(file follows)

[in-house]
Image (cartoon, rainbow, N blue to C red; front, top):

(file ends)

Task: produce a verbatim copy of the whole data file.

[in-house]
Image (cartoon, rainbow, N blue to C red; front, top):